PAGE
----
Domains May Disappear

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[[Image:The Photographer.jpg|thumb|250px|Google Street View Raises Privacy Concerns Photo: [http://www.flickr.com/people/bhollar/ bhollar].]]
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[[Image:The Magician.jpg|thumb|250px|Domains May Disappear After Search Photo: [http://www.flickr.com/people/sfllaw/ Simon Law].]]
==Google Street View Raises Privacy Concerns==
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==Domains May Disappear After Search==
 
[http://hughpickens.com Hugh Pickens] writes
 
[http://hughpickens.com Hugh Pickens] writes
:The New York Times is running a story about a woman who says [http://www.nytimes.com/2007/06/01/technology/01private.html her cat is clearly visible] through the living room window of her second-floor apartment using Street View and that she has contacted Google asking that [http://maps.google.com/?ie=UTF8&om=1&layer=c&cbll=37.810337%2C-122.252508&cbp=1%2C273.618658414742%2C0.372247067615998%2C3&ll=37.812056%2C-122.252276&spn=0.014664%2C0.014398&z=16 the photo be removed].<ref>[http://maps.google.com/?ie=UTF8&om=1&layer=c&cbll=37.810337%2C-122.252508&cbp=1%2C273.618658414742%2C0.372247067615998%2C3&ll=37.812056%2C-122.252276&spn=0.014664%2C0.014398&z=16  Google Street View.  "See if you can find the cat in the window?"]</ref> 'The issue that I have ultimately is about where you draw the line between taking public photos and zooming in on people's lives,' Ms. Kalin-Casey said in an interview. 'The next step might be seeing books on my shelf. If the government was doing this, people would be outraged.' Wired has started a contest on the [http://blog.wired.com/27bstroke6/2007/05/request_for_urb.html most interesting photos]<ref>[http://blog.wired.com/27bstroke6/2007/05/request_for_urb.html Wired Blog Network. "Request for Urban Street Sightings: Submit and Vote on the Best Urban Images Captured by New Google Maps Tool" by Ryan Singel.  May 30, 2007.]</ref>  found using the new Google Tool that now includes sunbathing coeds, alleged drug deals, and the google van itself. 'I think that this product illustrates a tension between our First Amendment right to document public spaces around us, and the privacy interests people have as they go about their day,' says Kevin Bankston, a staff lawyer at the Electronic Frontier Foundation.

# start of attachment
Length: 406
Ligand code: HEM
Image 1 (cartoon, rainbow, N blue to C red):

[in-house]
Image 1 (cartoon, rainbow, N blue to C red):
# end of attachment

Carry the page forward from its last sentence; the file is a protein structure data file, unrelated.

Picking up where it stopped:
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:Daily Domainer has a story [http://www.dailydomainer.com/2007173-who-is-monitoring-your-domain-searches-update.html alleging that there may be a leak] that allows domain tasters to intercept, analyze and register your domain ideas in minutes. 'Every time you do a whois search with any service, you run a risk of losing your domain,' says one industry insider. ICANN's Security and Stability Advisory Committee (SSAC) has not been able to find hard evidence of Domain Name Front Running but [http://img.domaintools.com/blog/domain-name-front-running.pdf they have issued an advisory] (pdf) for people to come forward with hard evidence it is happening. Here is how domain name research theft crimes can occur and [http://blog.domaintools.com/2007/03/stealing-domain-name-research/ some tips to avoiding being a victim].
  
 
==Research==
 
==Research==
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==Ideas==
 
==Ideas==
There were over [http://yro.slashdot.org/article.pl?sid=07%2F06%2F01%2F1219256 500 comments posted on this topic]<ref name=PCOLSlashdot>[http://yro.slashdot.org/article.pl?sid=07%2F06%2F01%2F1219256 Slashdot.  "People Were More Likely To Google Themselves This Year" by Hugh Pickens.  December 21, 2007.]</ref> on Slashdot.
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There were over [http://it.slashdot.org/article.pl?sid=07%2F12%2F28%2F1458247 300 comments posted on this topic]<ref name=PCOLSlashdot>[http://it.slashdot.org/article.pl?sid=07%2F12%2F28%2F1458247 Slashdot.  "Domains May Disappear After Search" by Hugh Pickens.  December 28, 2007.]</ref> on Slashdot.
  
 
==Recommended Reading==
 
==Recommended Reading==
[http://www.nytimes.com/2007/06/01/technology/01private.html New York Times.  "Google Zooms In Too Close for Some" by Miguel Helft. May 31, 2007.]
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[http://www.dailydomainer.com/2007173-who-is-monitoring-your-domain-searches-update.html Daily Domainer.  "Who Is Really Monitoring Your Domain Searches?October 19, 2007.]
:Kalin-Casey...typed in her address and the screen showed a street-level view of her building. As she zoomed in, she could see Monty, her cat, sitting on a perch in the living room window of her second-floor apartment. "The issue that I have ultimately is about where you draw the line between taking public photos and zooming in on people’s lives," Ms. Kalin-Casey said in an interview Thursday on the front steps of the building. “The next step might be seeing books on my shelf. If the government was doing this, people would be outraged.” Google said in a statement that it takes privacy seriously and considered the privacy implications of its service before it was introduced on Tuesday. "Street View only features imagery taken on public property," the company said. "This imagery is no different from what any person can readily capture or see walking down the street."<ref>[http://www.nytimes.com/2007/06/01/technology/01private.html New York Times.  "Google Zooms In Too Close for Some" by Miguel Helft. May 31, 2007.]</ref>